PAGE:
Story Ideas


Mobile has 300+ years of stories we could tell you, but we think these are some angles to get you started.

Our Identity 

Mobile goes by four different nicknames, all of which reveal something about our unique identity. We are “The Port City” (the ninth largest port in the United States … and the 12th busiest), “The Azalea City” (take a stroll around the city in the spring and it’ll be beautifully clear why), “The City of Six Flags” (we’re so amazing that six different nations wanted a piece of us) and “The Gateway to Gulf” (you know what that means … seafood galore!).

Our Culinary Culture

Clearly, our position right on the Gulf of Mexico means that we serve some of the most incredible, fresh seafood you’ll find in any city, anywhere. That said, it’s about more than the bounty of the waters in Mobile. With strong ties to so many interesting cultures, it just makes sense that our rich melting pot of flavors and personalities easily finds its way to local tables and plates. We can take the most traditional dish and put a very untraditional, uniquely “Mobilian” spin on it.  

 

Our Rich History 

Mobile was the first city in Alabama, dating all the way back to 1702 … that’s 117 years before our state even became a state! We boast a diverse legacy that starts with the Native Americans who loved and cared for the land and water. Next came African, British, Catholic, Creole, French, Greek and Spanish influences. Throughout the city, you’ll find historic sites honoring that beautiful blend of people and traditions. As an example, our Dora Franklin Finley African-American Heritage Trail tour takes visitors to more than 40 key sites … and counting. You’ll also find historic homes and forts, battlegrounds and warships, all lovingly preserved and ready to be explored. Mobile is home to a variety of walking, driving and boat tours to help you delve deep into our history, ideally finding part of YOUR story in the process.

Our Big Bragging Right

If you want to hear the Excelsior Band play live, come on down to Mardi Gras. Yes, we have that here. True story: Mobile had it here FIRST, y’all! We are, in fact, the Birthplace of America’s Original Mardi Gras. When we say we're “Born to Celebrate,” that’s not a marketing tagline — it’s all part of our incredible history. We’ll plant this seed: When the time comes to get back to Mardi Gras the way it should be, we encourage you to think about where it all began in the United States, here in Mobile. And, we’ll make you a deal: come visit us for a future Mardi Gras and we’ll provide the Moon Pies. Nope, Moon Pies aren’t made in Mobile (props to you, Chattanooga!), but they’ve helped make Mobile an especially memorable place during Carnival season. You’ll have to ask us why … which is just one fun reason to continue this conversation.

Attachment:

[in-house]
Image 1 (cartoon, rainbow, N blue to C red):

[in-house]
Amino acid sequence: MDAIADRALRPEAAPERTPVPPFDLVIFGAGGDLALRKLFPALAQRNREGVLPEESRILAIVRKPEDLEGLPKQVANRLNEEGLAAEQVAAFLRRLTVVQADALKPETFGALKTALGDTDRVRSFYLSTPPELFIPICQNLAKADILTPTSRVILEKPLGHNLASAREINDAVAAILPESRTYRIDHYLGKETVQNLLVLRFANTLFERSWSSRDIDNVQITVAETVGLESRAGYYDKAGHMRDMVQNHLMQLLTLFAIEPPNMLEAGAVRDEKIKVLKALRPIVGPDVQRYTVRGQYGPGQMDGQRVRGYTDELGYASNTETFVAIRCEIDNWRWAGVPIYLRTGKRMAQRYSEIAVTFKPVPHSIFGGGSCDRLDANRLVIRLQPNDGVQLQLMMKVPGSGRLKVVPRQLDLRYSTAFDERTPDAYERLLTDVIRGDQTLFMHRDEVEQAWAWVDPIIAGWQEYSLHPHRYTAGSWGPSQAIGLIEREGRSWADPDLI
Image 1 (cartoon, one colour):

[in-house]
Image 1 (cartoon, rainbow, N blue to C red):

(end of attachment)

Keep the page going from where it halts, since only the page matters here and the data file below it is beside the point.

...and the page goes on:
Our Art Scene

Whether or not you think you’re into art, you’re going to appreciate the way we do it. No matter where you go in Mobile, you’re surrounded by the beauty that comes from creative spirits doing whatever it is they do best. It starts with our buildings, many of which are architectural treasures. We’re also known for embracing public art, and a preponderance of murals and sculptures has turned our city into a giant outdoor gallery. And, we’re home to the Mobile Museum of Art, the largest such museum along the entire Gulf Coast, from Tampa to New Orleans. Our monthly LoDa ArtWalk brings together local artists, makers, and musicians coupled with the people who want to encourage and support them. Speaking of musicians, we’re proudly home to the Excelsior Band, a 10-piece brass band that has been a part of our celebratory scene for more than 100 years. Each member chooses his own successor, ensuring that the honor of serving in this one-of-a-kind band is passed from generation to generation!

 

Our Better-than-Great Outdoors

Eat everything that looks and sounds amazing in Mobile, and you’re going to need to burn off a few calories. Good thing we’re home to plenty of outdoor recreation and adventure. The Mobile-Tensaw River Delta, the second largest delta in the United States (second only to the mighty Mississippi), has earned the nickname “America’s Amazon” because it’s one of the largest and most bio-diverse wetland ecosystems anywhere in the world. Two of the best ways to explore it are via kayak and airboat. We also have the three Southern B’s here – bayous, bays and beaches. If you want some beach time, we urge you to head 45 minutes south of the city to quaint Dauphin Island. It’s easy to mistake our fine, white sand for sugar … and that’s kind of fitting, because we think the sweetest thing about our special island is that every member of your family – including pets – is welcome on our public beaches.

Our Big News for 2022

Under the cover of night in the summer of 1860 – 52 years after the international slave trade was outlawed – the Clotilda, a ship carrying 110 African captives, slipped into Mobile Bay. In the ensuing years, the Africans survived enslavement then later established a community as free Americans. They maintained their African identities and created a tight-knit, independent community in Mobile known as “Africatown.” In 2019 the skuttled Clotilda was discovered at the bottom of the Mobile River, a testament to the horrors of the transatlantic slave trade. The story of the people who survived the ship and their descendants, however, is one of hope and resilience. Early in 2022, the Africatown Heritage House Museum will open an exhibition telling the story of that final Clotilda journey, with a special focus on the people of the story – their individuality, their perseverance, and the extraordinary community they established.

 

                                         Story Ideas